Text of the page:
Since I wrote about Josh Barro earlier, I thought I would discuss his father Robert Barro now. Later tonight, I plan to write about his mother. (Note: I will not be writing about his mother.) Yesterday, Paul Krugman posted an article on his blog, Real Americans and Real Economics. This is a reference to a public fight that Krugman had with the elder Barro back in 2011, when he wrote an OpEd at The Wall Street Journal, Keynesian Economics vs Regular Economics. It’s a remarkable article. Let me go further: it is a remarkable title.
I’m not an economist, but those who are seem to think that Robert Barro is a very smart guy and a great economist. Krugman dealt with Barro’s claims at the time, Shocking Barro. But what I find amazing is that he’s completely disconnected from the real world. What he is arguing is that Keynesian economics has no theoretical foundation. I understand this, being an old environmental modeler myself. But I found out rather quickly that macro-scale models based on micro-scale phenomena are not necessarily better than a macro-scale model based simply on macro-scale observations. You would think that all economists would understand that having micro-foundations in a model does not necessary make it better, much less correct.
Of course, Barro throws out a lot of data and claims there is no support for demand side solutions to problems. In fact, the subtitle of his article is, “Food stamps and other transfers aren’t necessarily bad ideas, but there’s no evidence they spur growth.” But he is the Ricardian Equivalence guy. His idea is that government spending won’t stimulate the economy. The way this works in his theory is: (1) government spends by borrowing; (2) people see this and assume it means the government will have to increase their taxes later; (3) people spend less to save up for this future tax bill.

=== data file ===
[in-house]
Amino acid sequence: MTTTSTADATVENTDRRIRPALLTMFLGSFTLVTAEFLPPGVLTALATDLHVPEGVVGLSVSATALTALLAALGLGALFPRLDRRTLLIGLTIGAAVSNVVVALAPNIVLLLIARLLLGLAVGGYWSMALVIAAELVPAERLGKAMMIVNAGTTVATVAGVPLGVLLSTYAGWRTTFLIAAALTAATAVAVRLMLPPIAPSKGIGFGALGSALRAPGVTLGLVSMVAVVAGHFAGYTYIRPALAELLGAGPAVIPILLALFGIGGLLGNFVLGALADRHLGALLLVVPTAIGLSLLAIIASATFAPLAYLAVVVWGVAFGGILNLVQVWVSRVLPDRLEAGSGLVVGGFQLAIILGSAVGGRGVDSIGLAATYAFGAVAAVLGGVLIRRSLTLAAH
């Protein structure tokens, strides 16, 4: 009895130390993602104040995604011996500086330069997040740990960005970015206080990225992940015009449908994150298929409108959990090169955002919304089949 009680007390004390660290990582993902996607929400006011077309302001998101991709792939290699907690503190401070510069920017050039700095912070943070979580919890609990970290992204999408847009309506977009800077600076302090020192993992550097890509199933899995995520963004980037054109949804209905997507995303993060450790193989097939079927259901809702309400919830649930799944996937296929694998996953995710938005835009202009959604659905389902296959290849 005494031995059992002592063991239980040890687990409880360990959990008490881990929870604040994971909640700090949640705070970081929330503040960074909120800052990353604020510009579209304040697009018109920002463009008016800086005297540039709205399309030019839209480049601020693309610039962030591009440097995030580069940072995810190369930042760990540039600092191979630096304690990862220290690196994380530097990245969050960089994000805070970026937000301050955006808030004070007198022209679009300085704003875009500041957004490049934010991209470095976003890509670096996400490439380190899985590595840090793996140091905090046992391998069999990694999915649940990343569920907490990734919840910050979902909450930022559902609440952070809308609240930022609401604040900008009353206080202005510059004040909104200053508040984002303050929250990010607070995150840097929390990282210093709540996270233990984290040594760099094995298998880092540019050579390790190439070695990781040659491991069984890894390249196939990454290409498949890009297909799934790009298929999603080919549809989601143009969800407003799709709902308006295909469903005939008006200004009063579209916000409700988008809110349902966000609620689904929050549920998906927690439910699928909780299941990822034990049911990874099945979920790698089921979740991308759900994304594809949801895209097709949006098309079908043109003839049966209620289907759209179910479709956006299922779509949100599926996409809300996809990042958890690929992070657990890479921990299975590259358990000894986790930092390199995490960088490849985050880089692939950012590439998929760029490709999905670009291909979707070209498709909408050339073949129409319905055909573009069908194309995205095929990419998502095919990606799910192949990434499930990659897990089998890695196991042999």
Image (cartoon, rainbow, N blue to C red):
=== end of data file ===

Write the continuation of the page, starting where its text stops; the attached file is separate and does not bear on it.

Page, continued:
There are two problems with this as far as I can see. The first is: really?! You really think that people are that informed and rational? Well, I know Barro does. It’s ridiculous, but I’ll move on. The second problem is that the deficit spending would not be paid back all at once. So if the government spent $10 and planned to pay it back with increased taxes over the following ten years, then the completely knowledgeable and rational taxpayer would cut his spending by $1 that year, not $10. So there would be a $9 stimulative effect. This means that stimulus could be used exactly as we want it to be used: to smooth out the business cycle.
Within hours of Barro’s article appearing, David Glasner wrote a response, Barro on Keynesian Economics vs Regular Economics. He makes the point that Barro had argued that monetary policy can stimulate the economy, so why not government spending:
I think the problem is precisely that Barro is a clever fellow. He can come up with a justification for anything at all. The problem is that he is so ideologically rigid at this point that economics isn’t a tool of discovery; it is a slave of what he wants to believe. So the real micro-foundations of his work are his rigidly held political opinions. Given this, it is no wonder that conservatives think that climate scientists force their data analyses and models to predict global warming—that’s what their economists do.